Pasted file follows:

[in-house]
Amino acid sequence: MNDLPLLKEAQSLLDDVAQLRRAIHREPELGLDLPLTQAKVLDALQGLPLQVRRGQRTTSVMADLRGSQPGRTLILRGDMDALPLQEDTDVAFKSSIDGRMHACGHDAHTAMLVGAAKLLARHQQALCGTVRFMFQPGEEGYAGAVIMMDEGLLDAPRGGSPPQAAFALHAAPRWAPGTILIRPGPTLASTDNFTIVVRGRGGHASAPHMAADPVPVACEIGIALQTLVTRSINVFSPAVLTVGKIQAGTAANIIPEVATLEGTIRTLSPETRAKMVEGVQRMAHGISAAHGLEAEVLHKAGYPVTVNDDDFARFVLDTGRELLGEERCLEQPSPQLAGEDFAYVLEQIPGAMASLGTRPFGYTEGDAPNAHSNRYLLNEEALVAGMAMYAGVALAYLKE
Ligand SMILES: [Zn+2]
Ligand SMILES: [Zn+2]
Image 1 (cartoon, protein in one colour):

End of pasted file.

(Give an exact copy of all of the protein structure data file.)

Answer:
[in-house]
Amino acid sequence: MNDLPLLKEAQSLLDDVAQLRRAIHREPELGLDLPLTQAKVLDALQGLPLQVRRGQRTTSVMADLRGSQPGRTLILRGDMDALPLQEDTDVAFKSSIDGRMHACGHDAHTAMLVGAAKLLARHQQALCGTVRFMFQPGEEGYAGAVIMMDEGLLDAPRGGSPPQAAFALHAAPRWAPGTILIRPGPTLASTDNFTIVVRGRGGHASAPHMAADPVPVACEIGIALQTLVTRSINVFSPAVLTVGKIQAGTAANIIPEVATLEGTIRTLSPETRAKMVEGVQRMAHGISAAHGLEAEVLHKAGYPVTVNDDDFARFVLDTGRELLGEERCLEQPSPQLAGEDFAYVLEQIPGAMASLGTRPFGYTEGDAPNAHSNRYLLNEEALVAGMAMYAGVALAYLKE
Ligand SMILES: [Zn+2]
Ligand SMILES: [Zn+2]
Image 1 (cartoon, protein in one colour):